Human Rights Campaign and SHOWTIME® Announce Recipients of Queer to Stay: An LGBTQ+ Business Preservation Initiative Funding

by Viet Tran

Recipients are businesses impacted by COVID-19 that serve LGBTQ people of color, women and the transgender community

Today, the Human Rights Campaign and SHOWTIME announce the ten recipients of “Queer to Stay: An LGBTQ+ Business Preservation Initiative” funding to support businesses that serve the LGBTQ+ community with a focus on LGBTQ people of color, women and the transgender community.

We must preserve affirming, welcoming community spaces for LGBTQ+ people – including young people who may not have supportive families or communities at home. HRC is thrilled to be partnering with SHOWTIME to support LGBTQ+-serving businesses in order to ensure that they can continue to provide a space for LGBTQ+ people to express ourselves freely, find community and be our authentic selves.

Alphonso David, Human Rights Campaign President

The awardees of “Queer to Stay: An LGBTQ+ Business Preservation Initiative” include: Alibi Lounge (New York, NY); Amplio Fitness (Rocky River, OH); Salon Benders (Long Beach, CA); Blush & Blu (Denver, CO); Doyenne (Charlotte, NC); El Rio (San Francisco, CA); Freed Bodyworks (Washington, D.C.); Herz (Mobile, AL); My Sister’s Room (Atlanta, GA); and Pearl Bar (Houston, TX).

The initiative celebrates and supports the LGBTQ+ community by identifying and donating to a number of businesses, selected based on the communities they serve and how COVID-19 has affected them. As COVID-19 continues to impact businesses nationwide, LGBTQ+-serving spaces experienced significant revenue loss in June, when patrons are more likely to frequent LGBTQ+ businesses for Pride Month. By directing funds to these businesses, “Queer to Stay” demonstrates a continued commitment from HRC and SHOWTIME to support and advocate for the diverse members of the LGBTQ+ community.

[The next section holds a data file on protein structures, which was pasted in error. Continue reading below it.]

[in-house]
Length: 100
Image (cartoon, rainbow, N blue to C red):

Amid the global pandemic, LGBTQ+-serving spaces are facing financial challenges and at risk of closures. LGBTQ+ bars, centers and businesses often serve as safe and affirming places for large portions of the community, especially for young queer and trans people and communities of color. Studies have shown that since the 1980s there has been a decline in LGBTQ+ bars across America because of assimilation, gentrification and the rise of dating apps. With some cities seeing the return of mandatory business closures due to the pandemic, LGBTQ+-serving spaces are among those that are at risk of high impact. People of color have also faced challenges and discrimination in sustaining their small businesses. According to a study by the National Community Reinvestment Coalition, Black applicants who applied for Paycheck Protection Program loans were treated poorly or unfairly compared to their white counterparts. As the nation continues to navigate the challenges of the COVID-19 pandemic, there is uncertainty as to when businesses, including LGBTQ+-serving establishments, will return to usual.

HRC also published a research brief outlining the particular health and economic risks faced by the LGBTQ+ community during the COVID-19 public health crisis. Key findings have shown that many LGBTQ+ people may lack the resources to effectively combat COVID-19, lack access to paid sick leave or live without health coverage and are more likely to work in an industry that has been most affected by the pandemic, putting them in greater economic jeopardy or increasing their exposure to the virus. HRC research has also shown that LGBTQ+ people are more likely to be unemployed and to have lost work hours compared to the general population, with transgender people and people of color most at risk.

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